I love to read. I started reading at a very young age- my parents say I was around 3 years old, and my life hasn’t been the same since. For years, I received gift cards for any and every possible occasion, and they were always to a bookstore. My parents, while excited about my love for reading were always dismayed at the gift cards because they knew that going to a bookstore with me would be a LONG adventure. To this day, my parents refuse to accompany me to any bookstore, saying, “I mean, Erin, I just don’t want to be there ALL day.”
As a future educator (pending the outcome of these Praxis II Scores- y’all keep praying for that), I understand the importance of reading. And I don’t think that I can begin to explain my frustration when I look at people’s profiles on The Facebook and it says something like “I don’t read/Reading is Wack/etc…” If you’re on The Facebook, chances are you’ve read SOMETHING- and you probably liked it. But I guess it’s not cool to be a reader, or you know, an academic. God forbid you actually use and expand upon the intelligence and abilities that helped you get into college in the first place.
But, I digress. In today’s Durham Herald Sun, I found this article which talks about the Stanford L. Warren Branch Library, on Fayetteville Street in Durham. While I’ve only been in the library once, I’ve passed it so many times in my life; as it’s location is very close to my grandmother’s church. At any rate, the article tells the history of the library, and states that today marks the 90th anniversary of the beginning of public library services for blacks in Durham County.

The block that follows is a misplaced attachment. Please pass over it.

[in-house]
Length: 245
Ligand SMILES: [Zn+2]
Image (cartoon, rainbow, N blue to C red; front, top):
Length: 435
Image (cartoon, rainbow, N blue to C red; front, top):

Thinking of that, I guess I feel that we’ve gotten a little too comfortable with our situation. I think that we forget that it used to be a crime to teach blacks how to read. I think that we forget that even today, people believe that the best way to hide information from blacks is to put it in a book. I think that we forget that people fought and died for rights and services such as the one mentioned above. Yesterday my pastor indicated that our generation is in a problematic situation because we have, in some ways, been disserviced by our families; taught that we have made it to the promised land, when in fact, we have not. Thus, we have a sense of entitlement; and we feel that we are owed certain things, that we should actually be fighting to achieve.
All that said, I’ma close with some of my favorite books…and I’d love to hear your thoughts and/or your favorite books too!
Some of my Favorite Books (Not in any particular order after the first one):
1. The Bible (yeah, all 66 books, but I’m really partial to the New Testament)
2. The Purpose Driven Life
3. The Dream Giver
4. Savage Inequalities
5. The Autobiography of Malcolm X
6. Pride and Prejudice
7. The House of Mirth
8. A Raisin in the Sun
9. The Souls of Black Folk
10. Invisible Man
11. Native Son
12. East of Eden